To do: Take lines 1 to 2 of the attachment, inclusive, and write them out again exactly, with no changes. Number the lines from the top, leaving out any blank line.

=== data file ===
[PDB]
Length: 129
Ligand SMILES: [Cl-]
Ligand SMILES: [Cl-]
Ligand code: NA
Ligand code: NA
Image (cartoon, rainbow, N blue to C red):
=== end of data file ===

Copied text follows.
[PDB]
Length: 129